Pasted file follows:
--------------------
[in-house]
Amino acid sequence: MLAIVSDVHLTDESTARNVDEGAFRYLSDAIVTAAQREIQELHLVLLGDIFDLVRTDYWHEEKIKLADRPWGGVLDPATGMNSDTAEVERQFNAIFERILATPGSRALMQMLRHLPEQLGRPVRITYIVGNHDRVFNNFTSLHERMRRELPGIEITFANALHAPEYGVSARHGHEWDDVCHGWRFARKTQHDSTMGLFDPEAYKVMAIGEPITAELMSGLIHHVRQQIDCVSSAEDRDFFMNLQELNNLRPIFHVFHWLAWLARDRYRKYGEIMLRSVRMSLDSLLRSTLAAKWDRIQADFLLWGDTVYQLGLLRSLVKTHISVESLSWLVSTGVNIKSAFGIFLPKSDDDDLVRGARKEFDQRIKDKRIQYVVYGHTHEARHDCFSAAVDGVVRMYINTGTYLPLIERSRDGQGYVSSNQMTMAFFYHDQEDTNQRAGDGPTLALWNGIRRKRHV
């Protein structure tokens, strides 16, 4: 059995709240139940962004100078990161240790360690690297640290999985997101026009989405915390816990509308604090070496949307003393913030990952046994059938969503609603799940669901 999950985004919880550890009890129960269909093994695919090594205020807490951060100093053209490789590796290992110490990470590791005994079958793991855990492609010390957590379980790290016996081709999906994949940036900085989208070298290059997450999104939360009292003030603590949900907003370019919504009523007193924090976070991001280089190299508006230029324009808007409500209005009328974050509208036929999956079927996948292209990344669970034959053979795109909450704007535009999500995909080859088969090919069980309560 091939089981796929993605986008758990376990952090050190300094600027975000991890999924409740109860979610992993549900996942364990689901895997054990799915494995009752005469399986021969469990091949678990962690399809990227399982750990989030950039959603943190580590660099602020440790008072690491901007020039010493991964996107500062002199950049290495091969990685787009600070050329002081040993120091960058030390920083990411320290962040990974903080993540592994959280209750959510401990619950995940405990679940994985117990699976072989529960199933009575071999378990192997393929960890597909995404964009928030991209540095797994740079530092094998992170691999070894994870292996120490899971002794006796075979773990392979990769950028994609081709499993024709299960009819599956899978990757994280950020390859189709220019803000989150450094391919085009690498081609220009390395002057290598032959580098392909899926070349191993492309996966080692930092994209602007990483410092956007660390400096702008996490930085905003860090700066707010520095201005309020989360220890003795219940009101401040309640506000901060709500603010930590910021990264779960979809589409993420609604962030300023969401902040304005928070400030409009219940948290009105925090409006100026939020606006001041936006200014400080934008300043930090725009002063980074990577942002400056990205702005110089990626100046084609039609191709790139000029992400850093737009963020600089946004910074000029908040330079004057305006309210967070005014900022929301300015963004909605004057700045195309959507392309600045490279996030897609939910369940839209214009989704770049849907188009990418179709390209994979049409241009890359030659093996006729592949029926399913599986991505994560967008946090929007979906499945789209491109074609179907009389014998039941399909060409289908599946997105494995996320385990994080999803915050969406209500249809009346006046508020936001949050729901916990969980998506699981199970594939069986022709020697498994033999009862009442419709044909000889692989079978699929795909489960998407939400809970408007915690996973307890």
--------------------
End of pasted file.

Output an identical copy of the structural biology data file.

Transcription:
[in-house]
Amino acid sequence: MLAIVSDVHLTDESTARNVDEGAFRYLSDAIVTAAQREIQELHLVLLGDIFDLVRTDYWHEEKIKLADRPWGGVLDPATGMNSDTAEVERQFNAIFERILATPGSRALMQMLRHLPEQLGRPVRITYIVGNHDRVFNNFTSLHERMRRELPGIEITFANALHAPEYGVSARHGHEWDDVCHGWRFARKTQHDSTMGLFDPEAYKVMAIGEPITAELMSGLIHHVRQQIDCVSSAEDRDFFMNLQELNNLRPIFHVFHWLAWLARDRYRKYGEIMLRSVRMSLDSLLRSTLAAKWDRIQADFLLWGDTVYQLGLLRSLVKTHISVESLSWLVSTGVNIKSAFGIFLPKSDDDDLVRGARKEFDQRIKDKRIQYVVYGHTHEARHDCFSAAVDGVVRMYINTGTYLPLIERSRDGQGYVSSNQMTMAFFYHDQEDTNQRAGDGPTLALWNGIRRKRHV
């Protein structure tokens, strides 16, 4: 059995709240139940962004100078990161240790360690690297640290999985997101026009989405915390816990509308604090070496949307003393913030990952046994059938969503609603799940669901 999950985004919880550890009890129960269909093994695919090594205020807490951060100093053209490789590796290992110490990470590791005994079958793991855990492609010390957590379980790290016996081709999906994949940036900085989208070298290059997450999104939360009292003030603590949900907003370019919504009523007193924090976070991001280089190299508006230029324009808007409500209005009328974050509208036929999956079927996948292209990344669970034959053979795109909450704007535009999500995909080859088969090919069980309560 091939089981796929993605986008758990376990952090050190300094600027975000991890999924409740109860979610992993549900996942364990689901895997054990799915494995009752005469399986021969469990091949678990962690399809990227399982750990989030950039959603943190580590660099602020440790008072690491901007020039010493991964996107500062002199950049290495091969990685787009600070050329002081040993120091960058030390920083990411320290962040990974903080993540592994959280209750959510401990619950995940405990679940994985117990699976072989529960199933009575071999378990192997393929960890597909995404964009928030991209540095797994740079530092094998992170691999070894994870292996120490899971002794006796075979773990392979990769950028994609081709499993024709299960009819599956899978990757994280950020390859189709220019803000989150450094391919085009690498081609220009390395002057290598032959580098392909899926070349191993492309996966080692930092994209602007990483410092956007660390400096702008996490930085905003860090700066707010520095201005309020989360220890003795219940009101401040309640506000901060709500603010930590910021990264779960979809589409993420609604962030300023969401902040304005928070400030409009219940948290009105925090409006100026939020606006001041936006200014400080934008300043930090725009002063980074990577942002400056990205702005110089990626100046084609039609191709790139000029992400850093737009963020600089946004910074000029908040330079004057305006309210967070005014900022929301300015963004909605004057700045195309959507392309600045490279996030897609939910369940839209214009989704770049849907188009990418179709390209994979049409241009890359030659093996006729592949029926399913599986991505994560967008946090929007979906499945789209491109074609179907009389014998039941399909060409289908599946997105494995996320385990994080999803915050969406209500249809009346006046508020936001949050729901916990969980998506699981199970594939069986022709020697498994033999009862009442419709044909000889692989079978699929795909489960998407939400809970408007915690996973307890």